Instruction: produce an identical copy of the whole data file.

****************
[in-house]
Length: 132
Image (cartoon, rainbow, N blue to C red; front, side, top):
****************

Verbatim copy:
[in-house]
Length: 132
Image (cartoon, rainbow, N blue to C red; front, side, top):